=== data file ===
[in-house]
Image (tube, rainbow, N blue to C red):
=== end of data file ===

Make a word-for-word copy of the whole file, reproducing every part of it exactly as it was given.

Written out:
[in-house]
Image (tube, rainbow, N blue to C red):